Twitter Suspended Rose McGowan’s Account–And It Shows a Shocking Inconsistency (Look at Who They Haven’t Suspended)
Business owners take note of how Twitter’s inconsistent policies and late response created another PR nightmare for the company.
PHOTO CREDIT: Getty Images
Actress Rose McGowan said in an Instagram post overnight that her Twitter account had been temporarily locked. The suspension happened following a series of tweets reacting to the recent widespread allegations of sexual harassment from women in Hollywood against famed producer Harvey Weinstein.
"TWITTER HAS SUSPENDED ME. THERE ARE POWERFUL FORCES AT WORK. BE MY VOICE," McGowan wrote in her Instagram post.
In the tweets, McGowan was critical of Weinstein and called out other men in Hollywood that she felt had knowledge of or were somehow compliant in Weinstein's actions.
According to a recent New York Times report, McGowan is one of up to eight women that Weinstein settled cases with (McGowan reached a settlement for $100,000 back in 1997 after Weinstein made unwanted advances in a hotel room at the Sundance Film Festival).
The damaging allegations led to Weinstein's firing from the production company he cofounded, The Weinstein Company.
Many Hollywood stars have been vocal in their support of McGowan and have criticized Twitter for what they believe to be inconsistencies with the way their policies are applied in the wake of Donald Trump's often controversial daily attacks on the social network.
Famed actress Jamie Lee Curtis was among those who spoke out. "And now THIS? You allow Twitter freedom to our president but you silence a woman speaking out about sexual harassment?"
Calls have started for women to boycott the social network on Friday, October 13, with the creation of the hashtag #WomenBoycottTwitter already trending. People are calling on users not to use the service for one day because actress Rose McGowan's account was temporarily limited for violating its policies.
By the time Twitter publicly addressed the tweets, the damage had already been done.
Representatives from Twitter said it was the result of McGowan including a personal phone number. "We have been in touch with Ms. McGowan's team. We want to explain that her account was temporarily locked because one of her Tweets included a private phone number, which violates of our Terms of Service. The Tweet was removed and her account has been unlocked. We will be clearer about these policies and decisions in the future."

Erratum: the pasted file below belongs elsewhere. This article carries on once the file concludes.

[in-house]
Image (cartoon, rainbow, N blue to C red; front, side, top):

"Twitter is proud to empower and support the voices on our platform, especially those that speak truth to power. We stand with the brave women and men who use Twitter to share their stories and will work hard every day to improve our processes to protect those voices," representatives said.
What business owners can learn from the backlash Twitter is getting.
In the wake of Twitter's latest PR nightmare, CEO Jack Dorsey promised the company would be more transparent going forward in an effort to rebuild trust with users. You're too late, Jack! Twitter users having been waiting for years for some transparency regarding its policies on abuse.
Twitter users have long complained that the company doesn't do enough to prevent abuse from happening on the site. So, it's not a surprise to see the type of reaction people are having to McGowan's account being suspended, while other users, including President Trump, are able to play by a different set of rules.
To make customers happy and to make them feel like they are being treated fairly, businesses need to keep customers fully informed in a way that is clear, and apply their policies consistently.
After seeing so many get away with abuse on Twitter over the years, users are in the dark about the expectations on the platform and what they can and can't do.
Customers who are in violation of a policy should be made aware of it right away. Twitter suspended McGowan's account and waited for hours before they communicated with her.
In the meantime, the damage has been done and an entire boycott campaign was formed, complete with its own hashtag. Sad!